I understand the draconian grip she keeps on the wizarding world, but at the same time, the fact that she then refuses to commit to any lore, a timeline, anything is shocking. It would make collabs way better if she set up a wiki, it wouldn't even have to be public, and gave authors a line to her for any further questions. But the fac that she doesn't even want to publish an enclycopedia tells you everything that you need to know. Which is fine! Harry Potter is a great example of just how little worldbuilding you need to tell a great story, which is kind of strange that the article decribes the world as deep and vast, when it's really not. Only the bare necessities are set up, and most of the concepts introduced follow Chekhov's gun to a Trans rights.ARE YA PROUD OF ME YET

    But that JKR then insists on doing world-building via Twitter is what really irks me. Like pick one. Leave the story as is, which is fine, or do proper world-building (also fine) in a structured way. Create timelines, explain the details like how spells are created, the magical attitude towards date-rape drugs love potions, you know all the shit that makes up the fantastic little thing named lore.

    14 votes
    1. [6]
      DanBC
      Link Parent
      Yes. And when she does a cursory bit of research she fucks it up. https://twitter.com/arthur_affect/status/1310777365207773190?s=20

      Yes. And when she does a cursory bit of research she fucks it up.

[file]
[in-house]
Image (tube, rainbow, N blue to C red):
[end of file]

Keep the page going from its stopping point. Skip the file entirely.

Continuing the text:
https://twitter.com/arthur_affect/status/1310777365207773190?s=20

      9 votes
      1. mrbig
        Link Parent
        Good research is preferable but I’m not inclined to hold that against a series of novels about kid wizards flying around England in magical brooms.

        Good research is preferable but I’m not inclined to hold that against a series of novels about kid wizards flying around England in magical brooms.

        8 votes
      2. [4]
        Grzmot
        Link Parent
        thanks for this twitter thread, it was a glorious read.

        thanks for this twitter thread, it was a glorious read.

        5 votes
        1. [3]
          Adys
          Link Parent
          idk, it makes a decent case that she's a lazy writer, but calling her a "bad writer" is just ... denying reality because you don't like the person. Harry Potter might not be on the same level as...

          idk, it makes a decent case that she's a lazy writer, but calling her a "bad writer" is just ... denying reality because you don't like the person. Harry Potter might not be on the same level as ASOIAF (for example) but it inspired far more and i am ready to bet will have a much longer legacy than grrm's books.

          9 votes
          1. [2]
            Grzmot
            Link Parent
            I think lazy fits best. However her work after the main HP series has been pretty lackluster, including approving Cursed Child. A lot of creators out there create something akin to a one-hit...

            I think lazy fits best. However her work after the main HP series has been pretty lackluster, including approving Cursed Child. A lot of creators out there create something akin to a one-hit wonder, and maybe HP was that for JKR, and she managed to stretch it out to 7 books.

            4 votes
            1. crdpa
              Link Parent
              I don't care for Harry Potter, watched 2 or 3 movies because my SO is a huge fan, but didn't do anything for me. But i read The Casual Vacancy. My ex SO was a huge Harry Potter fan (wtf i only...

              I don't care for Harry Potter, watched 2 or 3 movies because my SO is a huge fan, but didn't do anything for me.